Petticoat Lane, Soho, Tin Pan Alley, Borough – all over London its quirky corners and individual businesses are being destroyed, so a few people can get rich. Soon nobody but bankers and foreigners will be able to afford to live in the city. I’m glad I lived there when it was still rich in unexplored corners redolent of history, and family enterprises such as this one, the hub of their communities; I weep for what it is becoming.

    Londoners do not want this wholesale destruction, nor the ‘cleansing’ and homogenisation of their environment. What is to be done?

  24. Adele permalink
    February 28, 2015

    Saddened to hear this. I agree with Vicky above, I know from personal experience that this is a beloved meeting place for elderly neighbors. What is happening to London? If you get rid of much more of its character (first The Gun, now this) Spitalfields will just be a memory.

  25. Robert G. Redford permalink
    February 28, 2015

    What a very sad week for the City of my birth. First the Gun and now this. Who wil end up living in London? Only those with very deep pockets I suspect. Shame that all the character and more important Characters are fast disappearing especially places offering more than the Corporate non tax paying organisations like Starbucks and the like. When will people start to rebel against the things that they don’t want which are increasingly being forced upon them. What is the Mayor of London for ??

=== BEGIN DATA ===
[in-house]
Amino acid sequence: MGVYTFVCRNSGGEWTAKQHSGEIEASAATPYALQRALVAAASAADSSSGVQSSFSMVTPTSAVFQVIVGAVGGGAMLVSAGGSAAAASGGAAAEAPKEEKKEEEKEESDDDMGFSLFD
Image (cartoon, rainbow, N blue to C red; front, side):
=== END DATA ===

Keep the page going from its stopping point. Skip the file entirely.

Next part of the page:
26. Gary Arber permalink
    February 28, 2015

    This is just one more example of how the capitalists are stamping on the small trader, they have the power and the money, they control the country by making the rules and if somehow the small man got past them all he ends up facing Boris.
    Why am I thinking of Orwell’s “Animal Farm”?
    Gary

  27. david green permalink
    February 28, 2015

    Good luck to the Baldacci’s for the future. The London I grew up in has been ruined by the greed of the very people the Mayor of London represents.
    I notice a mention of Time Out. Are they still supporting the IRA these days?

  28. March 1, 2015

    I discovered Baldicci’s only recently, and enjoyed a plate of filling, tasty, healthy grub for the same price as a packet of posh franchise sandwiches. I hope the family opens up somewhere else. Do let us know.

  29. Kiah Teves permalink
    March 1, 2015

    As a frequent visitor to London for 35 years I have noticed more and more of the city’s important history, along with its people, being replaced by big corporations with no real history, no personality and no interest in humankind besides emptying the pockets of those who have to come in. And I say have to because when one is busy, going from here to there and needs a refreshment or meal, all one can find is the big chains. It makes me sick.
    London has changed so much in the short 35 years I have visited. I am very sad to hear this and wish them the best. I hope they can pick up and put together something meaningful and successful, although we all know full well it will not be the same.

  30. Matt permalink
    March 9, 2015

    I used to eat here regularly through the 1990′s and Matt and Peter were great hosts who made the best breakfast around. It’s a shame that they are getting crushed by the big wheels of corporate London but I’m sure they will find new customers to treat with their fantastic food and friendly service.

    All the best guys and thanks for the best full English that money can buy.